Why does stress cause nightmares? Usually, stress is created by our minds. Nightmares are an extension of the creation of stress. Both of these combined lead to scary dreams, because our mind doesn’t know how to stop it from happening.
Stress is often a response to the way our mind perceives the wrongs it has endured. These wrongs than leave us feeling unable to fight back, which then prompts our mind to create scary scenarios where we are forced to fight or flee.
What are Nightmares
For some, nightmares are very vivid. Usually, they are so disturbing that they will wake a person from sleep. I know that most times when I get nightmares, I wake up breathing hard. It feels like I was running for my life.
There are times where I’m waking up still trying to catch my breath. They can usually be scary, not usually almost always they are scary. Nightmares tend to occur when REM sleep is taking place—one of the most profound states of rest.
Not everyone will experience nightmares in the same way. Some will try running away from their fear, while others will feel like they are falling from a great height.
I remember a nightmare I had just a couple of weeks ago, in this dream or rather nightmare I was fighting for my life. The fight felt so real that when I woke up, my heart was pounding, and my face was sweating.
Most nightmares happen randomly, but they are releasing information on what was triggered during our waking moments. Most adults think that they will outgrow nightmares. But no, that isn’t the case.
While it’s true nightmares are common among children, one out of every two adults has nightmares on occasion. In between 2% and 8% of the adult population is plagued by nightmares. (Source: Web MD)
Because most nightmares happen during REM sleep, you’ll find that you experience them most often in the morning.
Why Does Stress Cause Nightmares In Adults
Most often, as adults, we don’t deal with our daily issues concerning our mental-emotional health. This same mental-emotional health is what leads to stress. Often stress can lead to sleep deprivation as well keep negative thoughts steadily on the run, which then leads to scary dreams or nightmares.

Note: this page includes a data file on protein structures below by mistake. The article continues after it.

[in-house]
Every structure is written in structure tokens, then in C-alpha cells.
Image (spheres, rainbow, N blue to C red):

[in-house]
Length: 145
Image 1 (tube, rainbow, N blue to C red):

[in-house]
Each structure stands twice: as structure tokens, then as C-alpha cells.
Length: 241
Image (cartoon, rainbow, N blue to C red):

Our emotions hold a lot of power over us, especially if there’s a stressful emotion triggering unwanted memories. If we don’t deal with unwanted memories or negative thinking, then our internal psyche tries to deal with it by having us relive it as a nightmare.
Unfortunately, that doesn’t work; instead, it just stresses us out more and, in the process, scares us from falling back to sleep.
Why Does Stress Cause Nightmares In Children
Stress is essential to survival not only for adults but children as well. In children, stress is the “fight or flight” response. Often this response shows up in their dreams. For children, it can start to undermine their mental and physical health as well as become harmful to them.
Nightmares will stop your child from going to sleep, which will then affect their daily life. Most times, I know that when my children don’t get enough sleep, they usually wake up angry. This then turns into a catch 22. No way to let go of the anger because the nightmare won’t let them sleep.
The stress of this can weigh heavily on their little minds. To them, it feels like carrying a load, not knowing what to expect when going to bed at night. Many children develop insomnia due to the stress of not wanting to go to sleep because of the nightmares.
Even anxiety becomes a part of their nightly routine. The stress is so bad that they don’t want their parent to leave their room. This then creates a hardship for both parent and child.
Nightmares Happen Most When
- Another sleep disorder
Some people will experience nightmares due to changes in their sleep schedule. The sleep schedule could be changed due to insomnia or restless leg syndrome. Insomnia is when a person has trouble falling asleep, and when they do, they have difficulty staying asleep, usually waking up due to a nightmare.